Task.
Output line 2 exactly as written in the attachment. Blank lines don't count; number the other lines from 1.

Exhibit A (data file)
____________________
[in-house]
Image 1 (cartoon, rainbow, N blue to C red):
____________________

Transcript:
Image 1 (cartoon, rainbow, N blue to C red):